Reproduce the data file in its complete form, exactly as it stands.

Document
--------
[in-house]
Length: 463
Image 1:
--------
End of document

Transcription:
[in-house]
Length: 463
Image 1: